Long Island (516) 731-5868 
New York City (718) 641-3817
Hearing Loops In Schools
Children with hearing loss, and auditory and/or language processing disorders require accommodations and modifications in the classroom in order for the child to be able to hear, process and understand the information presented to them. 

According to Section 504 of the Rehabilitation Act of 1973 and, the American Disabilities Act (ADA) Obligations of Public Schools, “auxiliary aids and services” must be provided to students with hearing impairment or deafness. In addition, these obligations also apply to parents and others who are entitled to equal access and an equal opportunity to participate in public school services, programs and activities.  

Title II of the ADA, 42 U.S.C./12101-12213 requires comparable access by all state and local government programs. 

According to the American Speech-Language-Hearing Association (ASHA), Hearing Assistive Technology Systems (HATS) are devices that can help an individual with hearing loss, deafness or auditory processing difficulties communicate more effectively in day-to-day situations. These assistive devices can be used with or without hearing aids or cochlear implants. The purpose of these devices is to reduce stress and fatigue, and to promote improved listening and better communication.

The Audio Induction Loop System is an acceptable device which meets requirements for providing assistive devices for the hearing impaired as well as individuals with auditory processing deficits.

Audio Frequency Induction Loop Systems are relatively simple and are essentially maintenance free. Electromagnetic waves are produced by a sound source such as a microphone used by the teacher. There is a copper wire which is looped around the perimeter of the classroom. This copper wire transmits the signal (speech) directly to the listener via a hearing aid, cochlear implant or neck loop receiver worn by the student. Hearing aids, cochlear implants or the neck loop receiver must contain a telecoil in order to receive the signal. Then the speech is heard clearly and distinctly.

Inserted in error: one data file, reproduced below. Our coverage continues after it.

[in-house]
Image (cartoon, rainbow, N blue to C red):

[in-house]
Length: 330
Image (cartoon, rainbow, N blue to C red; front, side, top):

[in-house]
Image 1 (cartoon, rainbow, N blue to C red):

Speech is delivered directly to the hearing device in an undistorted form which is tailored to the student’s individual hearing needs. The induction loop system works on a universal signal and does not depend on multiple frequencies as with FM hearing enhancement systems. The signal is not affected by the distance the listener is from the sound source or by interfering background noise. As long as the student is within the looped area, the signal will be transmitted clearly and distinctly. 

The system is cost effective since the only requirement is to have a hearing device equipped with a telecoil. The system can be configured in phased array and low-spillover designs so sound is confined to particular areas and is not shared room to room. Finally, the use of induction loops within the classroom are designed to be inconspicuous, therefore the student does not feel uncomfortable using the loop system since the signal is transmitted directly to their own hearing device or a small neck loop worn around the student’s neck.

Our induction loop systems are designed and installed to meet or exceed the IEC 60118-4 standard. In addition, the use of induction loop systems in the school setting will meet ADA requirements for the student with hearing impairment and/or deafness.

Please call us to schedule an appointment to discuss how a custom induction loop system can be designed especially for your school.

In New York City (718) 641-3817

On Long Island and CT (516) 731-5868